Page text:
Magnolia grandiflora problem

Discussion in 'Magnoliaceae' started by GRSJr, Jul 31, 2005.

  1. GRSJr

    GRSJr Active Member 10 Years

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    We have a problem with one Magnolia grandiflora. It's a 28 year old tree and has been doing wonderfully well until last year . Then the new growth curled up and turned black along the leaf margins, eventully droping off. This was repeated this spring.

    There seemed to be no sign of insects or mould, so I had the plant and soil tested. No problems with nutrients.

    The other M. grandiflora, including 'Little Gem' are not effected.

    Searrching yoelded nothing. Most references say the plant has no problems.

    So, I can use some advice, hopefully from someone that has experienced the problem.

    Sorry, no pictures. I didn't know abouy this forum in the spring, and all the effected leaves are gone now.
     
  2. mr.shep

    mr.shep Well-Known Member 10 Years

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    To track down the disease without any photos you
    are going to have to work with me.

    What were the weather conditions like when you
    first saw that the new growth was being affected?
    Was it balmy and humid, cold and humid, typical
    Spring weather with some humidity etc..? Do
    you remember a period of a cool rain followed
    by some warm weather and then a period of some
    cooling with a lot of moisture in the air?

    Where was the new growth affected on the tree,
    was it restricted to just the top of the tree, only
    in the areas that get the most sun, get the most
    shade or was all of the new growth affected
    allover the tree? 'Little Gem' has dark green
    colored leaves, is your Magnolia in question a
    light green colored leaf in comparison?

    Tell me if this seems close to what happened.
    The newest growth emerges and quickly became
    disfigured, golden brown blotches of deterioration
    occurred in the interior of most of the leaves but
    not all of them, then the leaves shriveled up but
    stayed on the tree for a few days and then turned
    black in color and fell off of the tree?

    Jim
     
  3. GRSJr

    GRSJr Active Member 10 Years

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    No. Both the 2004 and the 2005 springs were normal.

    All over the tree I guess. It's so big I can't see the top too well. The new growth around the bottom was certainly effected.

    Leaf color is quite similar to 'Little Gem', but the normal leaves are quite a bit larger.

    Not entirely. The disfigurement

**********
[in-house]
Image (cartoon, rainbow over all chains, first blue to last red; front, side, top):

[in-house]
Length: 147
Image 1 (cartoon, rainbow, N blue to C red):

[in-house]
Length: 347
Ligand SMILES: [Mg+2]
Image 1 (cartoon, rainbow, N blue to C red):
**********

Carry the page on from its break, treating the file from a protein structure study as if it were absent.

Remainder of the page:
does happen quickly. The new leaves get to be about 5 inches long, but curled end-to-end and also side-to-side.

    There were no noticable golden brown blotches in the interior, but I didn't examine every leaf and I might not have noticed them as well. The leaves stayed on the tree for nearly a month. Only the margins turned black or dark brown. Then they fell. Most still had some green in the center, but a yellow sickly green.

    Thanks for helping. I know it's very hard without a leaf sample or at least a picture. It's probably important that it's done this for at least two seasons, perhaps more.

    Ray
     
  4. mr.shep

    mr.shep Well-Known Member 10 Years

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    I know it's very hard without a leaf sample or at least a
    picture.


    What I need to know is what you saw with the symptoms.
    Information on diseases of Magnolias is very vague.
    Lots of leaf diseases is commonly mentioned but then
    little mention is made of any of them specifically aside
    from Bacterial Leaf Spot. I've seen Anthracnose damage
    on Magnolias that others have not seen or did not pick up
    on as they saw or were seeing the effects of it as it was
    hitting the tree.

    Tell me what a normal Spring is for you for temps,
    humidity and for weather?

    After the new growth fell of the tree was there any
    new growth to appear later in the year or was the ends
    of the tips fried to the point that no new growth did
    appear and has not generated any new growth since?

    This may not have much meaning to people but it
    does tell a lot. 2 years ago my Pears got hit with
    Fireblight in April. We normally do not get hit
    with Fireblight on Pears and Cherries until August.

    Jim
     
  5. GRSJr

    GRSJr Active Member 10 Years